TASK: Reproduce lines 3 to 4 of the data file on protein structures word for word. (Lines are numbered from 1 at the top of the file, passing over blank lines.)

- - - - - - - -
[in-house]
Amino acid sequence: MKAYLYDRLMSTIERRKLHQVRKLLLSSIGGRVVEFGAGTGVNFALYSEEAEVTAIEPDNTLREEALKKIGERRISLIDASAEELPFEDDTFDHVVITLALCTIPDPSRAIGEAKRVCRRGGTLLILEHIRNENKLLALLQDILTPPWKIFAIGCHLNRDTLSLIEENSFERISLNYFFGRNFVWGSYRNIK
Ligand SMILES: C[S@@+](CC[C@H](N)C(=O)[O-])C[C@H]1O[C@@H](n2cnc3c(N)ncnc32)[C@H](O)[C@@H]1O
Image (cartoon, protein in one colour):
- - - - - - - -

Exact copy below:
Ligand SMILES: C[S@@+](CC[C@H](N)C(=O)[O-])C[C@H]1O[C@@H](n2cnc3c(N)ncnc32)[C@H](O)[C@@H]1O
Image (cartoon, protein in one colour):